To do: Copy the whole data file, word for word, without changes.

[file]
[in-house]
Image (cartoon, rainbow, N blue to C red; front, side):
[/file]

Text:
[in-house]
Image (cartoon, rainbow, N blue to C red; front, side):